to take out the various subassemblies like the drive motor
gear, the alignment bellows, the curved guide plates, and the bins.
Each is fastened to the wooden main frame with two machine screws. Once
these units are taken away the tracker bar and the switch rails can be
lifted out together.
The sideways control of the
tracker bar seems to operate well. Still, when the
tracker bar is found to go
toward one side, then the drive mechanism should make the paper tape
wander back toward its correct path. Initially I tried two capstans,
one each side of the
tape, hoping that direction might be controlled using the pinch roller
pressure. In my practical
this does not work. The double capstan was then abandoned in
favor of a single one at the paper
The key feature is that the feed direction of that
capstan can be controlled to be slightly off axis, in my present
experiment up to +/-3 degrees. When the tracker bar is
sideways adjusted by the sensor holes and bellows, that same excursion
is used to yaw the feed direction of the capstan. After some effort at
drawing board I arrived at the following design which indeed appears to
work in the same time as it reasonably simple to make.
driven capstan shaft (right of capstan in this drawing)
rigidly supported by ball bearings at
both its ends (motor end not shown). The shaft capstan end is
approximately ball shaped, resting in a bushing at the center of the
capstan. A hole is drilled through this bushing and the shaft and a
small pin is inserted. With adequate backlash this implements a half
cardan joint. A spoke extends from the other (left) end of the bushing.
The far left end of this rotating 'yaw' spoke rests in a link arm that
connects its direction to the tracker bar sideways position.
This drawing shows the under side
of the trailing guide plate
which carries the capstan and its control, and also the tracker bar.
The red markings show how the capstan is yawed when the tracker bar is
displaced leftward by the edge sensors and bellows.
These switches are
suction-to-electric converters. They can be
connected in parallel to the present MIDI decoder and serve as an
alternate control option. The design is a
variation on the recipe by Richard Vance at
Initally I tried a small 8 channel prototype in a plexiglass body, 2.5
mm divisions and 8 mm cavities. Dismissed that as too difficult to make
and adjust. Then made a short 4 channel copy with 5 mm divisions and 15
mm cavities like shown below, which seems to work OK. Major parts for
the complete system are built, but fabrication of contacts withheld
until transport design is finalized.
accommodate the totally 104 switches within managable space requires
multilevel staggering, the first one is to split from the tracker bar
into the two rails. Next level is to alternate between front and back
sides of a rail (black and red in the sketch), and finally
between an upper and a lower row. The general layout is maybe seen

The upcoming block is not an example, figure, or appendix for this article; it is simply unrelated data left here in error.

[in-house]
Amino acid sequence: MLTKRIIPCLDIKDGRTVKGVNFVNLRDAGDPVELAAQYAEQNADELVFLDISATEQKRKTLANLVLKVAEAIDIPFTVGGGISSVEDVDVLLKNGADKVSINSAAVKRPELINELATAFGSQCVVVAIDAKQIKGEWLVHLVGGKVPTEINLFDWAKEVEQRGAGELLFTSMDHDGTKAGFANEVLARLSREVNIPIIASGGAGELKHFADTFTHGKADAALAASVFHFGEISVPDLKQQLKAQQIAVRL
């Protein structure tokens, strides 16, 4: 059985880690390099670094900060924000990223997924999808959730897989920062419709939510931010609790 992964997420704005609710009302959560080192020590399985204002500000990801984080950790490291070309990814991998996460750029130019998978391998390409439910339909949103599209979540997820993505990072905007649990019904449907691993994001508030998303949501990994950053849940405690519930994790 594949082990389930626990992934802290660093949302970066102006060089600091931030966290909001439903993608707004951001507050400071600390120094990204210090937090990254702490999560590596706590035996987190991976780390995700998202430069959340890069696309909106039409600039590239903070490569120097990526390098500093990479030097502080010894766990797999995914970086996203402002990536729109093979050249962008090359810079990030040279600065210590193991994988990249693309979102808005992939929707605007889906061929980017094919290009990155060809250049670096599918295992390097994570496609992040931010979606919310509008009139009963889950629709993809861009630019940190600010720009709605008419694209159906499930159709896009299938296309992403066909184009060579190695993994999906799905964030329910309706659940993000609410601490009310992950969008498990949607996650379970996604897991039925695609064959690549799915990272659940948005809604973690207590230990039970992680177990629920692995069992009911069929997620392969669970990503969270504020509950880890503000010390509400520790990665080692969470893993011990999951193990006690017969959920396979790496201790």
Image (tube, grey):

in this sketch of the end of one of the rails.
The central part is a 12*80*330 mm
mahogany piece with 2*2*13
pouch cavities, 15 mm diameter. On each side, over these cavities
is a 1.5 mm plexiglass plate with a glued-on wooden frame to carry the
contact wires. These plates are drilled in the same operation as that
for the underlying cavities. The pouches are formed by a coherent sheet
of pouch leather (red below), compressed without glue between the 1.5
and the wooden base. Outside this are 3 mm plexiglass plates carrying
contact adjustment screws in threaded holes, and finally wooden bars to
hold the complete assembly together. The inner sides of these bars are
made slightly convex in order to distribute their compression force
more evenly along the rail - there is little room for compression
screws except at the ends of the rails.
This drawing shows more detail
on one single switch, for clarity
neglecting its neighbors.
The photo is from before adjustment screws and pouch leather are
The internal volume where the contact
springs are located is connected
to the suction source. For each cavity there is a 0.8 mm bleed hole
drilled through the 1.5 mm plexiglass, leading to the channel toward
the tracker bar. It is a fairly exacting operation to perforate and
mount the pouch leather sheet to match with these bleed holes.
The contacts are made from 0.8 mm sterling silver wire. Each contact is
two parts, one 'fixed' albeit adjustable with a screw, and one moving
with its end actuated by the pouch. The stem of the moving contact is
flattened into a leaf spring, 0.25 mm thickness. This flattening is
done using a steel bar with thickness control shims added. The contact
wire is placed between that bar and an anvil and the bar is hit with a
sledge hammer. Hammering is repeated until a micrometer or caliper
tells the correct thickness has been reached. The end of the moving
contact is bent and tin soldered to a small washer that rests on the
middle of its pouch.
After preliminary shape adjustment the contact wires are locked in
place in their mounting holes with cyanoacrylate glue.
When the tracker hole is covered, then the whole unit is under the same
suction, the contact spring presses the pouch into its cavity and the
contact is open. With an open tracker hole only the contact cavity is
under suction and the pouch lifts the contact spring until it makes to
its fixed counterpart.